The second thing I appreciated was that she addressed the power that guilt has over us all. We get to look at how it works as a motivator in relationships of all kinds. One of the writers I admire, Jonathan Franzen, talked about this in a speech he gave when he came to Seattle. He is the first writer I ever heard address this. Guilt is an especially big deal for mothers as we are often expected to give up our hopes and dreams until our kids are grown.One day it occurred to me that that was unreasonable, and that much of the guilt I had about doing what I wanted was left over from judging my own mother who also didn’t do the June Cleaver thing.
As I began pulling away from the day to day routine that involved me being available for husband and kids 24/7, I had to deal with quite a bit of guilt, and still do for choosing to spend my time writing, editing and attending events for all of it. But I also believe that my happiness and my example to my girls matters in the long run. Do I want them to think that they are doomed to a life of constant sacrifice and no personal fulfillment if they decide to go the domestic route? That sort of insight took a while though. I think we are still taught to give up quite a bit for the sake of our families and it is not always easy to imagine another way to be until we have done it for a while.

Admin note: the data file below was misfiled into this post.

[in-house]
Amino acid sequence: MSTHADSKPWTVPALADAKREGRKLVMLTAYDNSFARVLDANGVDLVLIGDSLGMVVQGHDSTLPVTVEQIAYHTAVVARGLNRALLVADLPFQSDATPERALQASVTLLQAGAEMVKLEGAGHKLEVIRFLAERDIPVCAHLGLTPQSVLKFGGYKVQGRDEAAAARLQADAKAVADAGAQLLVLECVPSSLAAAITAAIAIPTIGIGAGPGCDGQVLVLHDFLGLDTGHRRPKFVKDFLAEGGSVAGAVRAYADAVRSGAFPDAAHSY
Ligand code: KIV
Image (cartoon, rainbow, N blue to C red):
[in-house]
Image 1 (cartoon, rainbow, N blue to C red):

Here is something that nobody mentions… Did Dagny not have the most incredible men lusting after her? And they weren’t lusting after her because she had a rack that could drop jaws, but instead it was all about what was inside her, and what she was capable of. So there was, like Twilight,which I read at the same time I read Atlas Shrugged,this implication for some incredible group sex.
Don’t give me that look. It was there the whole time. I should write it so you’ll see…
Sex and Death has some heavy topics mixed in with self-discovery and erotica. Your protagonist starts off writing gay pornography because she’s more interested in writing books that are “fun escapist reads” VS “high literature.” She also explores the nature of women’s roles in relationships and how they’re perceived by society. As a whole, do you think we’re ever going to get over a lot of the puritanical hang-ups that color our views and pre-conceived notions about what it means to interact intimately with others and what our roles are supposed to be in that dance?
First I want to say that I am no expert on anything, all I can speak to is what I have observed in my own life and what I have been learning lately.